Op-Ed

Legislature puts Florida’s stellar public colleges at risk

Diaz Leyva
Diaz Leyva

As we brace ourselves for long-overdue debates on the issues, there is one major issue brewing in Tallahassee that merits little to no debate: the state of affairs of our first-in-the-nation Florida College System (FCS) — particularly our own Miami Dade College — and any proposed change to its governing structure and performance funding measures.

The 28 institutions that make up the FCS are locally based and governed by district boards of trustees with a mission to maximize access for students and to respond to community needs for postsecondary education, including technical and vocational degrees. The Florida College System as a whole, and Miami Dade College specifically, consistently achieve the highest performance ratings and are recognized as national leaders in postsecondary education. These facts signify that a governance change is unwarranted and unsupported by any data-driven metric.

The current structure in place at Miami Dade College and the other FCS institutions grants the local boards of trustees the ability to create policies and programs that diligently and expeditiously respond to the needs specific to the local workforce and business community.

For example, Miami Dade College created the first degree program in the state for data analytics, one of the most in-demand and highest paying positions in the workforce today. In partnership with grants received through the JP Morgan Foundation, Miami Dade College is investing in training and workforce readiness in programs such as logistics and transportation, one of the largest sectors South Florida’s economy. The Idea Center has become a critical component to the start-up and innovation ecosystem in Miami, positioning our city to attract and compete for major tech employers like Amazon HQ2.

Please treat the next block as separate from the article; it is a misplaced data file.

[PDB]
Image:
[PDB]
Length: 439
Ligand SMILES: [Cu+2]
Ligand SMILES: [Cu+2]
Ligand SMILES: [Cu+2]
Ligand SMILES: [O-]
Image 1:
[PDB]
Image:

Most recently, Miami Dade College received board of trustee approval for a degree in virtual and augmented reality, one of the fastest growing sectors of the tech and innovation economy. The proposed change in governing structure would require a second, statewide oversight authority that would mandate policies from Tallahassee not necessarily consistent with the demands of each distinct region of Florida. In addition to the incremental cost of supporting such a newly created bureaucracy, the additional layer of administration will hamper and delay the implementation of these timely, cutting-edge programs.

Of equal concern is yet another proposed change to the performance funding measures for the Florida College System, which would disproportionately affect Miami Dade College because of its size and the composition of the student population it serves. As an open access institution, Miami Dade College accepts every student, the majority of who work full-time and have families. The most troubling change ties meaningful funding to the number of enrolled full-time students, which is inconsistent with the reality of our community. The proposed change would incentivize poor decision-making: Miami Dade College would be measured on the performance of a small minority of its students, rather than the large majority of students that rely on Miami Dade College to achieve their educational and career goals.

The Florida College System is already No. 1 — what are we trying to fix with these ineffective and costly solutions?

Daniel Diaz Leyva is a member of the Miami Dade College’s board of trustees. Nicholas X. Duran represents District 112 in the Florida House of Representatives.

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